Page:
The UK’s very own Puzzle Palace
One of the rooms in (I think) Hut 6 in Bletchley Park, restored to its wartime condition. It was taken on a visit just before the restoration was completed. As an incurable pen geek, I was pleased to see that the mechanical pencils on some of the code-breakers’ desks were authentic for the period!
Quote of the Day
“Despite Conservative Party HQ’s best efforts to keep its membership data private, this much has been established by academics at the Party Members Project: Tory members are 96 per cent white, 66 per cent male, 68 per cent over 50 and about 15 per cent more likely than average to earn over £50,000 a year.”
- Tortoise Media
This is the 160,000-strong ‘electorate’ that is currently busy choosing the UK’s next Prime Minister. If you wanted a token of the country’s ramshackle ‘constitution’ this would be hard to beat, though the US Republican party’s antics in the US run it a close second.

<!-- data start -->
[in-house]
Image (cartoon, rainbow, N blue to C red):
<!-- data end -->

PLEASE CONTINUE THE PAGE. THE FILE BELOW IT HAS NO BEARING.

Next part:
Musical alternative to the morning’s radio news
Hard Times Come Again No More | the Chieftains and Paolo Nutini
Impossible to count how many versions I’ve heard of this Stephen Foster song. On balance, though, I still prefer Thomas Hampson’s rendition.
Long Read of the Day
Apropos Marshal McLuhan…
I don’t usually use this section to push my own stuff, but I was so intrigued by Ezra Klein’s essay (yesterday’s Long Read) that I dug out the text of a lecture on McLuhan I gave in the University of Copenhagen years ago in which I argued that, if anything, his media critique was more relevant to our networked ecosystem than it was to the TV-dominated one that he focussed on.
If you’re interested you can find the lecture, “Why the medium really is the message”, here
My commonplace booklet
Hertz says that its Tesla fleet of rental EVs are 50 per cent cheaper to maintain than fossil fuel cars.
Stands to reason — they don’t have complicated engines that provide motive power from a continuous series of controlled explosions. (That’s not to say that the way the auto industry managed to refine those explosions wasn’t a triumph of human ingenuity, but…).
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